The weekend before last I travelled north to the Black Isle Word Festival, which was being held in Cromarty, a short drive north of Inverness. I went along because the festival was celebrating the centenary of Scottish novelist Jane Duncan (the pen-name of Elizabeth Jane Cameron, 1910-1976), a terrific writer to whom I was introduced by my very dear friend Kat, at whose kind invitation I made the trip.
Jane Duncan was a publishing sensation. In 1959, unpublished and unknown, she sold seven novels to Macmillan. These were the first in what became a best-selling series of nineteen titles, the “My Friends” books. She wrote another series of four adult novels, an autobiography, and several children’s story and picture books. Thirty-two books in total. The first of the My Friends sequence, My Friends the Miss Boyds, has recently been reprinted by Millrace Books to celebrate the centenary. Set during the narrator’s childhood, it recreates Highland life prior to the First World War, but is by no means a cosy pastoral. Apart from this, only her three picture books, the Janet Reachfar books, remain in print.
Which is a great shame, since the My Friends books are marvellous. The reader gets to know their narrator, Janet Sandison, book by book as she takes you (not always in linear fashion) from her early childhood on her grandparents’ croft (Reachfar) on the Black Isle, her adolescence in a lowland Scottish town, her wartime experiences, the post-war meeting with the love of her life, and her relocation with him when his work as an engineer takes him to a sugar plantation in the Caribbean in the years shortly before independence. After his death, Janet returns to the Black Isle as a newly famous writer. The books are largely autobiographical, but with key differences: Jane Duncan was born and brought up in Glasgow, and only visited her grandparents’ croft – in reality, named the Colony – for summer holidays. But Reachfar remains the central symbol of the book: the rock from which Janet was hewn, the northern point on her compass.
I enjoyed the talks given at the festival (one by author and illustrator Mairi Hedderwick, who illustrated the Janet Reachfar books, one by academic Fiona Thompson, who has access to Jane Duncan’s papers). The venue, Cromarty East Church, has recently undergone extensive renovation – the paint will apparently need ten more years of touching-up before the plaster has completely dried! We also saw the Jane Duncan exhibition at Cromarty Court Museum, itself an excellent small museum and £2 well spent. Cromarty is an extremely attractive town and the money directed to renovation and heritage projects has been used effectively.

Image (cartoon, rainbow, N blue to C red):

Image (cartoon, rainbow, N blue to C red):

Our main purpose for the weekend was to explore some of the places particularly significant to Duncan’s life and books. As well as Cromarty, we visited Jemimaville, the small village to which Jane Duncan retired on her return from Jamaica. (Cromarty and Jemimaville are represented in composite form in the books as Achcraggan.) Duncan owned Rose Cottage on the road which passes through the village, but found that curious tourists intruded too much upon her privacy and ability to write, and eventually bought and renovated the Old Store, which lies behind the village on the edge of Udale Bay. The current owners of the Old Store have charmingly commemorated the former owner, and seem to have renamed the house Reachfar in her honour. The view across the bay must have been inspirational.
Across the bay is Kirkmichael graveyard, where Duncan is buried. The kirk itself is currently in ruins (although the Kirkmichael Trust hopes to be able to renovate). The graveyard is beautifully kept. Duncan’s gravestone looks back towards Jemimaville and beyond, to the Colony, high on the hillside.
Our chief pilgrimage was of course up to the Colony – the Reachfar of the books. The land is no longer in the hands of the family, and the croft itself is a ruin. There are two routes up by road; in both cases the road runs out well before the Colony and you have to continue by foot. We got fairly close, but were thwarted by dry stone walls and barbed wire on one route, and, on the other, a fearsome slurry pit. To be honest, I don’t think we needed to get any closer: the view from the hillside across Cromarty Firth and Udale Bay was remarkable. Here was the spirit of Reachfar. The people are gone, but remain present in the books.
There’s an excellent article on Jane Duncan here. I hope people are tempted to try My Friends the Miss Boyds, and perhaps look out for the other books in the series. As well as the rich evocation of place, the My Friends books have a playfulness and wit with language, a shrewd eye for character, and a great humanity based on a deep understanding of our connectedness to each other. The last seven or eight books in particular show a steady maturation in Duncan’s skill and ambition as a writer. She is unfairly neglected.
More photos from the weekend here. Grateful thanks to Kat for inviting me to come on this journey with her, and for a memorable and happy weekend.